Will Bordell
by Will Bordell



This piece was originally published by The Justice Gap.

Maxine Peake and Michael Mansfield QC at the opening of Greater Manchester Law Centre

Maxine Peake and Michael Mansfield QC at the opening of Greater Manchester Law Centre

The number of solicitors’ firms offering civil legal aid services in the north-west has dropped by just over one-third in the over the past seven years, according to Greater Manchester Law Centre. Over the same period, from 2011-12 to 2017-18, spending directed towards charities that provide legal aid has plummeted by almost 73%.

Cuts have ‘decimated’ legal aid services over the past decade, as The Justice Gap and the BBC reported earlier this month. Up to one million people now live in areas with no legal aid housing lawyers.

Greater Manchester Law Centre housing solicitor Kathleen Cosgrove commented: ‘Just as we would face a crisis in public health if you withdrew preventative medial services and limited access to GPs to those who were already at death’s door, so too we now face a homelessness crisis, mass reliance on food bank provision, and rising suicide rates for disabled people because people are denied access to early legal advice.’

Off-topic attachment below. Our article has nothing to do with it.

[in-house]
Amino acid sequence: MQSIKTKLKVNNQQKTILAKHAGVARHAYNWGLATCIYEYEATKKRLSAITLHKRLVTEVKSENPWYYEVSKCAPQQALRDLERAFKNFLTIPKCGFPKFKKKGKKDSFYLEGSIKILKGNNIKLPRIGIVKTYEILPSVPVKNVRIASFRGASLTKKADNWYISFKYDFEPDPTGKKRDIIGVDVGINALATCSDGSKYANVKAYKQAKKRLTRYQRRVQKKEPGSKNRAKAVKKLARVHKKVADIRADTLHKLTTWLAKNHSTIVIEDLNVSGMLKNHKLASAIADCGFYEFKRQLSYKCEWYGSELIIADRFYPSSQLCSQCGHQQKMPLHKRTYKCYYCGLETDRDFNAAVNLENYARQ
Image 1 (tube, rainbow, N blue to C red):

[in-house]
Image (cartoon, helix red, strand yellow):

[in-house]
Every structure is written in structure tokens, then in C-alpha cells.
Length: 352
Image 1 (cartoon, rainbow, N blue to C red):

She continued: ‘It is now so difficult for legal aid solicitors to survive that they decide to or are forced to pack it in. It is telling that a large proportion of the legal aid providers left in Greater Manchester are from the voluntary sector, surviving as a result of other charitable sources of funds.’

Just four organisations with contracts to offer welfare benefits services in Greater Manchester are listed in the Legal Aid Agency’s directory, three of which are non-profits. Non-profits are shouldering an increasing amount of the burden of legal advice deserts.

‘Even if you have this contract,’ said Ngaryan Li, GMLC’s supervising solicitor, ‘regardless of how much work you do for the person, you only get paid £208. That £208 could cover anything from a few days to a few weeks of work by an experienced professional. Is it a surprise we are losing a generation of welfare rights advisors?’